This was more than a nineteenth-century update of Francis Bacon’s classic warning against “idols of the mind.” By contrasting “ideas” and “facts,” Durkheim engaged in no less than three polemics at once. At a most general level, he criticized a Cartesian-inspired type of philosophizing that he perceived as prioritizing generalization over patient collection of data. More specifically, he distanced himself from sociology as practiced by Herbert Spencer and Auguste Comte, both of whom he judged guilty of uncritically relying on philosophical generalizations for which no sociological evidence existed (Comte’s law of the three stages serves as an example: Durkheim 1982/1895: 64, 140). Closer to home, finally, Durkheim’s “explosive document” (Gane 1988: 19) was targeted against sociologists like Gabriel Tarde, who worked with a concept of individual agency that Durkheim reckoned among the unexamined ideas that scientists should abandon in favor of facts (Durkheim 1982/1895: 59). Durkheimian sociology, in short, was a rebellion against several inherited traditions of reflection on the social, characterized by firm rejection of all “vague impressions, prejudices, and passions” (Durkheim 1982/1895: 66).

At the same time, Durkheim was advocating a catalog of virtues that matched the kind of research that he organized around the Année sociologique—a journal that sought to enhance scientific standards through cooperation and mutual criticism between its contributors (Heilbron 2015: 82–91; Besnard 1983; Clark 1973: 181–186). Whereas Ranke’s philological virtues were most at home in a scientific culture that put a premium value on the collecting and editing of historical source material, Durkheim’s mechanical objectivity best fitted the collective research environment that the French sociologist created around the Année sociologique. This shows that the scientific self cannot be seen apart from its institutional contexts, on the one hand, and from the kind of research pursued in those contexts, on the other. The scientific self is being shaped by its environment, just as research questions and methods make their demands on it.

Disciplining the Scientific Self

So here we have three scientific manifestos, from three different disciplines in three European countries, all of which called for a “revolution” in their respective fields of inquiry. Although, especially in Darwin’s case, these revolutions primarily challenged inherited scientific theories, the new interpretative models corresponded to a new conception of scientific selfhood. That is why all three authors located part of their revolutions within the self. At least to some extent, they sought to change science by changing the scientist—that is, by molding his (not yet her) dispositions or character traits. But how could this be done? How could virtues be acquired and vices be unlearned, especially if this challenged established views on the nature of a good scientist?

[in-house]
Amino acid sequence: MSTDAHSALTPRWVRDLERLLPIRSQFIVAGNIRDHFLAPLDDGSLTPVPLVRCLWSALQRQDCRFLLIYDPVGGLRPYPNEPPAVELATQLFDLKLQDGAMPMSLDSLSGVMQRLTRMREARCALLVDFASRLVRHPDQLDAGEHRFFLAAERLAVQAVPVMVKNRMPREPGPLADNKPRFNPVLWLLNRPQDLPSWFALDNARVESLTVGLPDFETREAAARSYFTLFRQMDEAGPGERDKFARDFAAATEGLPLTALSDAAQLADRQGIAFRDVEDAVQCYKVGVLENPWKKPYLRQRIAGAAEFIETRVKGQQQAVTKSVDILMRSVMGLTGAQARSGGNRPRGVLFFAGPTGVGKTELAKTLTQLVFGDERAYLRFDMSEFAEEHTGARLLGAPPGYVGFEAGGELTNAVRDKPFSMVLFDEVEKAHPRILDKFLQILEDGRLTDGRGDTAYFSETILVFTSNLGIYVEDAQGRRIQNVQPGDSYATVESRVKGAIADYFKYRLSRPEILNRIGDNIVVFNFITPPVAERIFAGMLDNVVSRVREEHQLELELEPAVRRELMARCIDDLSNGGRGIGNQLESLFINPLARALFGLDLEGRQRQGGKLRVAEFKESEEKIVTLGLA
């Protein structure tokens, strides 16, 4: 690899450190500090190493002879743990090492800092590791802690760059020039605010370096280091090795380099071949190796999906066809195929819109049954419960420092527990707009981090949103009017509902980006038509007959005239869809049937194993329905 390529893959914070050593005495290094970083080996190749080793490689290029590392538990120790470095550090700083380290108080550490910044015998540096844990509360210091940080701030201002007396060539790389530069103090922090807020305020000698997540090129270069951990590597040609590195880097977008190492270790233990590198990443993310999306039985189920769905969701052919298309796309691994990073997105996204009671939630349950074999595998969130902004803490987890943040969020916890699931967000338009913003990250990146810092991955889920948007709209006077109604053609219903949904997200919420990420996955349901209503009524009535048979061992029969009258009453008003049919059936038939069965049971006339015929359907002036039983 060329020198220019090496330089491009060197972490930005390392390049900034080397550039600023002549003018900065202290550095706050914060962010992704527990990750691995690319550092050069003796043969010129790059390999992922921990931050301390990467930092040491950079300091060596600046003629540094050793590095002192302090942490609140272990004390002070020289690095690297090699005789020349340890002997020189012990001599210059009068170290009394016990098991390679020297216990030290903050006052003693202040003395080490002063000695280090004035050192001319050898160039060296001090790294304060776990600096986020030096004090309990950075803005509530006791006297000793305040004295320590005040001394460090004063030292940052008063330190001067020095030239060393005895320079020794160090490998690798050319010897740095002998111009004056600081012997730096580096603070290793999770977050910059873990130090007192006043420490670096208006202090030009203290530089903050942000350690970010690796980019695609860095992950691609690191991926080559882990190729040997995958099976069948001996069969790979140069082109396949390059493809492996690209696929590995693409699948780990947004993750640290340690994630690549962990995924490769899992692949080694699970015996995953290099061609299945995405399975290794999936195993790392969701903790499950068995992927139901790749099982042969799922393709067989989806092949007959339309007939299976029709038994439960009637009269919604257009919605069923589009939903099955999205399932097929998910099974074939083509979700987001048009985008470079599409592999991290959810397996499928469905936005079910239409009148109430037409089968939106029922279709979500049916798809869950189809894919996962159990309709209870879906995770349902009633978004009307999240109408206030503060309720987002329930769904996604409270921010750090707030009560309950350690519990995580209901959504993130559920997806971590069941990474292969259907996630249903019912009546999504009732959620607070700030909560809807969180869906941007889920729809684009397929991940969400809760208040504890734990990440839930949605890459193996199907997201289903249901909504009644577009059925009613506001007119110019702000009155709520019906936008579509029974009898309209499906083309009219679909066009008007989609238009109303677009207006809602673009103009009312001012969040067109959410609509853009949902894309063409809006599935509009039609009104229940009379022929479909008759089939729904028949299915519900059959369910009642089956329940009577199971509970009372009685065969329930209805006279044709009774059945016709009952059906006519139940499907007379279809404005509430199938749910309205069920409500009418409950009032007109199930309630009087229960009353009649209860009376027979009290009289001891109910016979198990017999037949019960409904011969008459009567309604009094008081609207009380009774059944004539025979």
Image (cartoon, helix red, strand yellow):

Ranke, Darwin, and Durkheim all dwelt at length on the efforts this required, meanwhile offering psychological explanations as to why their intended revolutions were long overdue and unlikely to win many hearts. Durkheim most explicitly pointed to the power of unconsciously acquired mental habits when he argued that no scientist is likely to overcome all prejudice: “The mind has such a natural disposition to fail to recognise” the power of preconceptions “that inevitably we will relapse into past errors” (Durkheim 1982/1895: 72). Darwin, too, elaborated on “the chief cause of our natural unwillingness” to accept such radical ideas as that evolution proceeds through natural selection: “[W]e are always slow in admitting any great change of which we do not see the intermediate steps” (Darwin 1859: 481). Ranke, finally, added that historians have reasons for altering historical truth: they care about the dramatic qualities of their narratives and seek to please their readers (Ranke 1824: 72, 76).

To justify their fights against these psychological obstacles, all three authors positioned themselves in long-term narratives of slow but steady scientific progress. Their rhetoric abounds with phrases like “as yet unexplained,” “much remains obscure,” and “still less do we know” (Darwin 1859: 6). Ignorance, indeed, is a key term in the Origin of Species (“nor do we know how ignorant we are”) (Darwin 1859: 466; see also Wallace 1995). Similar phrases—“we are virtually ignorant,” “we are only just beginning to perceive a few glimmers of light”—appear throughout Durkheim’s Règles (Durkheim 1982/1895: 38). Apparently, the scientific revolutions required scientists to subject their “prescientific selves” (Kaufman-Osborn 1987: 642) to strict scientific demands.

This led Durkheim to emphasize the importance of “rigorous discipline,” with all the Foucauldian connotations of that term: “Only sustained and special practice can prevent such shortcomings” (Durkheim 1982/1895: 72, 31). While Ranke provided such training in his historische Übungen—an informal seminar for advanced students that soon acquired the symbolic significance of a rite of initiation into the historians’ guild (Eskildsen 2007; Huttner 2001; Pandel 1994)—Durkheim’s educational facility was the Année sociologique, a journal (as we saw above) that socialized emerging sociologists into an ethos of objectivity by making them cooperate with each other, under Durkheim’s supervision. Darwin’s followers, too, agreed on the importance of “mental discipline,” although Huxley added that “enthusiasm for truth” is usually best kindled by exemplary figures who show in concrete detail what a scientific self looks like (Huxley 1874: 665). Unsurprisingly, Huxley used the occasion of the unveiling of a Darwin statue in the British Museum of Natural History to argue that Darwin, more than anybody else, embodied “the ideal according to which [future students of nature] must shape their lives” (Huxley 1885: 535).